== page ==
• Damages for the pain and suffering you experienced as a result of your injury. The jury will determine the proper amount.
• Compensation to repay you for the pain of disfigurement and disablement, or for the loss of enjoyment of life you’ve experienced (and will continue to experience) as a result of your injury.
If you have been injured because of medical negligence, it is important to speak to an experienced medical malpractice lawyer.
How Much is My Medical Malpractice Case Worth?
Every case is different, and it is nearly impossible to put a precise number on a medical negligence case. Yet we can look to medical malpractice payout statistics to get a better idea of the kinds of damages plaintiffs might be able to receive.
Generally speaking, there are thousands of medical negligence payouts each year, and they tend to be very high. According to data reported by the U.S. Department of Health and Human Services’ National Practitioner Data Bank, there were more than 12,000 medical malpractice payouts in 2012 alone. The majority of these come in the form of settlements, while only about 5 percent result from judgments and jury verdicts. One of our experienced medical malpractice attorneys can discuss your options for compensation with you in detail.
What Types of Medical Negligence Result in Lawsuits and High Payouts?
Medical malpractice can happen at nearly any point during a relationship with a healthcare professional, from an accident during a routine check-up to a failure to diagnose a life-threatening injury. According to data collected by the National Practitioner Data Bank, medical negligence lawsuits typically result from the following types of medical malpractice:
- Diagnosis errors and misdiagnoses (33%). These can include a delayed diagnosis, an incorrect diagnosis, or a testing error in cases where a patient suffers from a serious disease such as cancer or high blood pressure.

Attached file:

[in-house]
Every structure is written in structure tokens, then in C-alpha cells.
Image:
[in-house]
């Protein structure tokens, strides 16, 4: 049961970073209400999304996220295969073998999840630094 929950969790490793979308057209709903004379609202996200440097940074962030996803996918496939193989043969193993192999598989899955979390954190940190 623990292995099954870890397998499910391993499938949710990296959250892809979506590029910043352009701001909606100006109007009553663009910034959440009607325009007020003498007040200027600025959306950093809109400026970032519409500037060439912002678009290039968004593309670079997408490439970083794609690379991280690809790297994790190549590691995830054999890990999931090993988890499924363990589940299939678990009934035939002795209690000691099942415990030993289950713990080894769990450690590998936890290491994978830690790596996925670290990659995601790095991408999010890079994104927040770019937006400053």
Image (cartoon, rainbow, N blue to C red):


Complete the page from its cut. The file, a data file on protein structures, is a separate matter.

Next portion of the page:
- Surgical errors and mistakes that occur during surgery (24%). These can include but are not limited to issues with a patient’s informed consent, errors during anesthesia, and leaving foreign objects in the body after surgery.
- Treatment mistakes (20%). These can involve situations where a healthcare professional has delayed treatment or provided the wrong treatment for a serious disease, and the patient has suffered injuries as a result of the doctor’s negligence.
- Obstetrics errors and birth injuries (10%). These cases can include many different errors, including mistakes during pregnancy, as well as those during labor and neonatal care.
Other errors include medication errors, which can involve prescribing the wrong medication for a condition or failing to account for a dangerous drug interaction.
Seeking Help from a New Jersey Medical Malpractice Attorney
If you have sustained an injury due to a doctor’s negligence, or if you have lost a loved one because a healthcare provider made a serious mistake, you may be eligible to file a claim for compensation. It is important to speak to an experienced medical malpractice attorney about the best way to move forward with your case.
It is extremely important to keep in mind that New Jersey has a two-year statute of limitations for filing a medical malpractice lawsuit. Contact the legal professionals at The Rothenberg Law Firm LLP today to discuss your case. Your initial consultation is always free and we work on a contingency fee basis. This means, we do not collect any fee from you, unless and until we are successful in winning money for you.